Overcoming Empty Nest Syndrome

· October 27, 2015

The cycle of life demands that at some point in our lives, we all leave home. Children grow up and eventually make the decision to go out on their own and make their own path. While this process is an important part of life, the act of leaving home sometimes causes what is known as “empty nest syndrome” in parents.

What do we do when our children leave home? How can we return to living alone with our partner after living so long with more people in the house? How can we avoid feeling ‘old’? These are some of the questions parents face when their child leaves home.

Those with empty nest syndrome usually experience negative thoughts and feelings, such as uncertainty, sadness, and nostalgia. This phenomenon presents itself in parents when their children leave home. All of a sudden, they find themselves alone after such a long time caring for and educating their child(ren).

Although these feelings are normal and usually pass, they can become a problem when, instead of gradually lessening with time, they take on a chronic quality. Furthermore, they can be exacerbated when you are overly aware of the arrival of the “third age” and things associated with it like menopause or andropause.


It is extremely important on the one hand to talk about what is happening to parents as individuals when their children leave home and how this can affect their marriage.

It’s not that parents who experience empty nest syndrome are not happy for their children when they marry and/or generally find their independence, but rather, they’re simply having a difficult time facing an empty house and a change in routine.

Let’s say the average person moves out to start their own family at 30 years old. That is a whole three decades since the parents have been completely alone together (assuming they are still married). A lot has happened in that time.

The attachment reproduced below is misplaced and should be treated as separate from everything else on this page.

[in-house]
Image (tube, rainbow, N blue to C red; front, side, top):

So, what we see is a rediscovery between a couple, a period of reliving a bygone era that happened a long time ago that perhaps has been long forgotten. This can be difficult to navigate because both people have matured and changed a lot since the beginning, when there were no children yet to worry about.

Therefore, it’s better to start this new routine without children joyfully instead of starting it full of sadness or longing. Sure, it’s hard at first, but ç’est la vie. Parents were children once, too, and they also left home.

We cut the umbilical cord when a child is born, but we develop other, stronger bonds as our children grow. Continuing to treat your children like children after they have grown up makes their moving out that much harder.

How can you overcome empty nest syndrome?

Below are some of our recommendations to help you overcome empty nest syndrome:

  • Adopt a new perspective on the situation. Instead of focusing so heavily on the negative aspects of the situation, look for the positive. For example, think of your child(ren)’s wellbeing; if they are happy, you should be happy for them!
  • Reinforce your relationship with your partner. This is the moment to strengthen your relationship through activities together that you may have postponed because you had kids.
  • Express your feelings. It is always appropriate to verbalize what you are feeling, and sometimes communicating them to your loved ones can help you overcome them.
  • Do things that make you happy. Sometimes we postpone doing things we want to do because of life’s demands. Now is the moment to get up and do them. It will help distract you from those negative feelings and realize that life goes on.
  • Improve your relationship with your kid(s). Maybe their moving out will help lubricate the communication between you and help you foster a healthy, happy relationship.

It’s important for us to remember that our relationship with our kids doesn’t end just because they move out. It just becomes different, and you have to keep working on it just like any other relationship.